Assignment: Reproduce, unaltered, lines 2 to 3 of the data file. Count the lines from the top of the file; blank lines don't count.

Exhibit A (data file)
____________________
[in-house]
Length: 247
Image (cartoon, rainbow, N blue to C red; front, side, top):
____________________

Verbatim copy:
Length: 247
Image (cartoon, rainbow, N blue to C red; front, side, top):